Generally, shared ‘influence’ in our world helps build healthier democratic institutions. At the G8 and G20 meetings, it would have been worthwhile for Canada to provide ‘an alternative’ venue for ordinary citizens to have their say in the affairs that affect their livelihood and that of the world. A building beside the main Summit meeting could have provided a public voice to important topics such as free health care and education, adequate housing and jobs for all, a clean environment, and a new policy of peaceful collaborative influence in the world.
Here in Toronto was a missed opportunity to strengthen the spirit of democracy. Between citizens and their leaders there was a huge wall — an eyesore — along with an overkill-core of armed police hired to stamp out dissent. But protest is a legitimate and proper form of expression in our society, is it not? Public dissent is an integral part of the democratic process.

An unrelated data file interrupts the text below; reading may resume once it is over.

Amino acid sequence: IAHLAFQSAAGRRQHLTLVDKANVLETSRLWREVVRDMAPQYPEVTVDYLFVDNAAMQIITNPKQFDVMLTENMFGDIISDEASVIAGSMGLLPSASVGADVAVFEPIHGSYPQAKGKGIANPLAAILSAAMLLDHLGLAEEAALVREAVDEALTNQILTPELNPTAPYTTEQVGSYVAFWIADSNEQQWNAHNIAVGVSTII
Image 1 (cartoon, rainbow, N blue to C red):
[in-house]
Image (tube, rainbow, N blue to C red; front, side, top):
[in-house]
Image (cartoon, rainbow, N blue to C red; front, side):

Let’s not forget that legitimate public dissent and protest has brought genuine reform to our civilization. The world famous writer Lev N. Tolstoy helped abolish serfdom in Russia in 1861. In India, Mahatma Gandhi helped his country gain independence from Britain. In the USA, Martin Luther King Jr. led the American blacks to win their civil rights. Moreover, workers around the world including Canada would not have won pensions, paid vacations and safe working conditions without strikes and public debate. And voting amongst various sectors of society (women, ethnic and racial groups, etc.) would not have happened without a public outcry for progressive ideas, even if they came from foreign governments.
Bravo to shared ‘influence’ in our modern world!
‘Koozma, this reads very well. I hope The Citizen publishes it.’
Bill. Ottawa, Ontario. July 16, 2010.
‘Thank you for sharing your article. But more so for expressing your views openly for equality, justice peace and goodwill.’
Peter. Vancouver, British Columbia. July 17, 2010.